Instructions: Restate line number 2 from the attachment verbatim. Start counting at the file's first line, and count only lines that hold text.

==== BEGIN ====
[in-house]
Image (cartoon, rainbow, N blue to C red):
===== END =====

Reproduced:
Image (cartoon, rainbow, N blue to C red):